Written by Team Plasmacure
Antibiotics: Shooting a gun at a mosquito
Broad-spectrum antibiotics are often used routinely and long-term in the treatment of chronic wounds. This is shooting with a gun at a mosquito, while you would like to shoot sharply, so to speak. How can sharper shots be taken with antibiotics? The use of new DNA analysis techniques may help here. With this blog, we would like to offer our insight into this. We use a scientific article for this (ref. 1). This article describes how the bacterial community (wound flora) of non-closing wounds can be identified using a new DNA technique.
Using DNA techniques for antibiotic treatment: Why?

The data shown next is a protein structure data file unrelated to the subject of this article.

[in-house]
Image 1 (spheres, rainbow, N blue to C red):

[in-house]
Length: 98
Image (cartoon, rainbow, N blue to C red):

For targeted antibiotic treatment, you want to know which bacteria are present in an open wound. Cultivation methods allow the wound flora to grow over some time. However, because many bacteria are difficult to cultivate, these methods do not necessarily reveal the most common or most clinically relevant bacterial species.
Two separate studies (ref. 2,3) showed that culture methods failed to detect the dominant micro-organisms in more than 50% of the wound cultures analyzed. Furthermore, they detected only about 10% of the total micro-organisms present.
If you compare DNA techniques with culture techniques, it turns out that they are fast, comprehensive, sensitive, and specific. New DNA techniques show that bacterial communities are more complex than what culture methods show. Especially with chronic wounds the wound flora seems to be more complex. DNA techniques work by isolating DNA from bacteria present in wound fluid (exudate). Then a specific piece of DNA is multiplied until there is enough to measure. This is done using PCR techniques (polymerase chain reaction).